TR, 2:00pm to 3:15pm
Final Exam: Final Exam Friday May 11 2012
Final Exam: Final Exam Friday May 11 2012
Economics is the study of production and allocation of scarce resources, and how agents make decisions under conditions of scarcity and uncertainty. This course provides a rigorous introduction to economics, with special emphasis on microeconomics. It will introduce you to economics as a discipline and as a way of thinking. It will also provide you with a set of tools, which will be very useful in other economics courses.
We will first study the behavior of individual consumers and firms. Then we will give you some insight into how markets work and whether market outcomes are desirable. We will also look at situations in which the firm is a monopolist, or competes with a limited number of rivals. Some of the key concepts we will introduce include economic incentives, marginal analysis, opportunity cost (which costs matter), market efficiency (what does it mean for a market to work) and strategic behavior (how to predict and respond to your rivals’ decisions).
The tools that you will be acquainted with in this class are fundamental for most upper division courses of the Economics major as well as classes in Finance, Accounting and Marketing.
This course assumes familiarity with multivariate calculus and high school algebra. In addition, we will have a review section on most essential mathematical tools.
Tuesday Jan 24: Introduction and Preliminaries: what is Economics? The study of how a society uses its limited resources to produce, trade and consume goods and services.
Sections 1.1, 1.2
Thursday Jan 26: The Basics of Supply and Demand. The demand Curve describes consumers’ choice, while the Supply Curve describes how much firms will produces. Equilibrium of Supply and Demand through price.
Sections 2.1, 2.2, 2.3, 2.4, 2.5
Tuesday Jan 31: Consumer Behavior (1): preferences and their representation by a utility function. How do consumers make a decision given the alternatives that are available?
Sections 3.1, 3.2, 3.3, 3.4, 3.5
Thursday Feb 2: Consumer Behavior (2): Budget Constraints.
Sections 3.1, 3.2, 3.3, 3.4, 3.5
Tuesday Feb 7: Consumer Behavior (3): utility maximization. How do consumers maximize their utility given the budget constraint. The use of utility maximization to derive Marshallian demand curves.
Thursday Feb 9: Individual Demand: Study how utility maximizing choice of a good varies as Income Changes (Engel Curve), and as the price of the good itself changes (Demand Curve).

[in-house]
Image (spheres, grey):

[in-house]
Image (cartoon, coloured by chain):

Sections 4.1, 4.2 page 122, Appendix to Chapter 4 pages 149-155
Tuesday Feb 14: Market Demand:add up individual demands to get market demand. Discuss Elasticity of Demand, the responsiveness of demand to price.
Sections 4.3, 4.6
Tuesday Feb 16: Production Part I: We introduce firms and how they decide to produce. A firm is described by how it can transform inputs such as labor and capital into outputs, which is called a production function. We also discuss marginal versus average product of labor and capital.
Sections 6.1, 6.2
Tuesday Feb 21: Production Part II: Production with two inputs. The tradeoff between using more labor or capital is called the marginal rate of technical substitution. As well we discuss returns to scale, i.e. are larger plants more productive?
Sections 6.3, 6.4
Thursday Feb 23: The Cost of Production: We discuss the difference between sunk costs and fixed costs and costs in the short run versus the long run.
Sections 7.1, 7.2, 7.3, 7.4, Appendix 7 pages 264-268.
Quiz 1 in class the week of Feb 20
Tuesday Feb 28 1: Profit Maximization and Competitive Supply. We look at the firm’s decision to produce in a perfectly competitive market. If a firm is maximizing profits, then it sets marginal costs to marginal revenue.
Sections 8.1, 8.2, 8.3, 8.4, 8.5
Thursday March 1: The Analysis of Competitive Markets. We use the tools of Consumer and Producer Surplus to analyze the effect of a tax or rent control on the efficiency of a market. Pareto Efficiency.